However, the graft probe of Dec. 17 and the ensuing developments started sending a cold breeze to Europe, and it was claimed that Erdoğan would cut relations and that the cancelation of his visit was being debated. Indeed, Erdoğan not only reshuffled thousands of police officers and the prosecutors conducting the graft probe but also introduced a bill that sought to subordinate the Supreme Board of Judges and Prosecutors (HSYK) to the government. Thus cold winter, not spring, awaited Erdoğan in Brussels. For this reason, his visit has acquired additional importance.

Who persuaded whom?

Returning to why I find these visits successful, I should note that Erdoğan made the visit although aware of the coldness, and this visit led to favorable results. The first and most important development was that Erdoğan decided to suspend the HSYK bill which was being negotiated in Parliament. The Council of Europe, the European Commission and European Parliament officials clearly and politely told Erdoğan that this bill would mean the suspension of the rule of law, making the EU decision to kick off membership negotiations with Turkey meaningless and taking Turkey back to the 1990s. The suspension of this bill that would subjugate the HSYK to the Ministry of Justice indicates that the prime minister received the message.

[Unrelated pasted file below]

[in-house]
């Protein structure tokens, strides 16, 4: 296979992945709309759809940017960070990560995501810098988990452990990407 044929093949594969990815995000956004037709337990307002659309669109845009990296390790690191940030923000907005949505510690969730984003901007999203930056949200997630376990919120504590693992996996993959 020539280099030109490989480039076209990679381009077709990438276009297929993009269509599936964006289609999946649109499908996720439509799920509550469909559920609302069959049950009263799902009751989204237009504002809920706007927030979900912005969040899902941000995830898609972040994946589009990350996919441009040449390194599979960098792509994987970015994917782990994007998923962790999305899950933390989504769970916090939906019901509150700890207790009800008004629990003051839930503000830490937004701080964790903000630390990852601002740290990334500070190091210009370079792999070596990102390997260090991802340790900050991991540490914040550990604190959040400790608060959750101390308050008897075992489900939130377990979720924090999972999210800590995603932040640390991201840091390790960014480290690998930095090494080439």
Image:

Another important development was that Erdoğan announced 2014 as the “Year of the EU.” In this context, Mevlüt Çavuşoğlu’s appointment as EU minister can be regarded as an opportunity. We can assume that although it ignores the political importance of the EU accession process, Ankara is aware of its economic importance. In a sense, the economic aspect is the main reason why Erdoğan does not or cannot burn bridges with Brussels. However, it is unclear whether this new direction is perceived as convincing. With the new Internet bill, Turkey is heading towards the Shanghai Cooperation Organization (SCO), not the EU. Such a contradiction cannot be tolerated by EU institutions or those involved in the accession process for long. When the gap between words and actions is noticed by businessmen, the EU accession process may be stripped of its persuasive quality.